It's all in the name
Habib's Rojak 503, West Coast Drive, Stall 68, Ayer Rajah Food Centre
The hawker business Mr Habib Mohamed's father ran had his name on it - literally.
When Mr Habib was born, his father opened an Indian rojak stall at Ayer Rajah Food Centre and named it after his second son.
In a way, this has paved the path for Mr Habib.
The 28-year-old was about to sit his private O-level examinations when shortage of manpower at the stall led him to stop his education and help his father out instead.
"I didn't really want to then, but I felt I had to," says Mr Habib, who has been peeling potatoes at the stall and going on marketing trips with his father since he was five.
Decision made, Mr Habib spent a few weeks learning from his father.
He described his father as a fierce teacher who expected him to learn quickly.
In 2013, he went on to serve Indian rojak at Hawker Heritage - The Next Chapter, an event organised by The Shangri-la Hotel Singapore.
It was there that Mr Habib learnt the importance of quality produce, like a certain brand of yeast that not only makes the flour texture finer but also reduces preparation time.
"Usually, the flour takes about four hours to be ready. With this yeast, it takes only one and a half hours at most for it to rise," says Mr Habib.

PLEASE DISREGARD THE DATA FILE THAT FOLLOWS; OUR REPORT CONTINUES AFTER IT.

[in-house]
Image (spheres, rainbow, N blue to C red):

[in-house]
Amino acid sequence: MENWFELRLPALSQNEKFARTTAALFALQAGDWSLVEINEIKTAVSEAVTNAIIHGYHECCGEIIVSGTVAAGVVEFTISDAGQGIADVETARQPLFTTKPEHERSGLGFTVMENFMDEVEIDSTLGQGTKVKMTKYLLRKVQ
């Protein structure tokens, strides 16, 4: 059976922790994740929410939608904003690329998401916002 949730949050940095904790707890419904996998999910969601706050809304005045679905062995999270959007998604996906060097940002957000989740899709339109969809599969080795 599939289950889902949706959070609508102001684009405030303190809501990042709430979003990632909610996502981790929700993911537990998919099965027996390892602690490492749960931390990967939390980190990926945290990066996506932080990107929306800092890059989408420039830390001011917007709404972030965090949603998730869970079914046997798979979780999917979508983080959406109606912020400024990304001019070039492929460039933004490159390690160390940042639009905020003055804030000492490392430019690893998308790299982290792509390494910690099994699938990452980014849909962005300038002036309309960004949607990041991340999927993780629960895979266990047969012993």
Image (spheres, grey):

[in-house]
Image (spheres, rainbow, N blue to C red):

Even so, he still reaches the stall at 2am every day.
The morning starts with him preparing the different flour mixes - egg, coconut, potato - and getting fresh produce like prawns from the wet market in the compound where his stall is located.
Peanuts are also freshly ground to a slightly coarse texture "so they stick to the rojak when it is dipped into the sauce".
It is hard work behind the scenes, invisible to the throngs who come to his stall.
Yet times have been even tougher.
Mr Habib once survived on just an hour of sleep every day for two weeks when one of his workers went on urgent leave. He ended up going to work at 2am and going home past midnight.
"Those two weeks were hell for me," says Mr Habib.
"I kept asking why I had to kill myself this way; I thought I hated this line and didn't want to do it anymore."
But tough times do not last - tough people do.
He says: "Now I am not worried even if I don't have enough manpower - I know I can do it on my own, if I have to."
A good thing, too, because many come for the tantalising spread of items on display at this stall, which is open from 11am to midnight. Popular items include vadai (crispy prawn fritters), potato and coconut fritters.
Asked if he would name the stall after his son, Mr Habib says with a laugh: "The stall has had my name for so many years. Customers recognise it, so it is better to carry on with my name."
But he would like his son to take over the business one day.
He adds: "To me, doing this is sustainable. After all, I grew up on a hawker's income."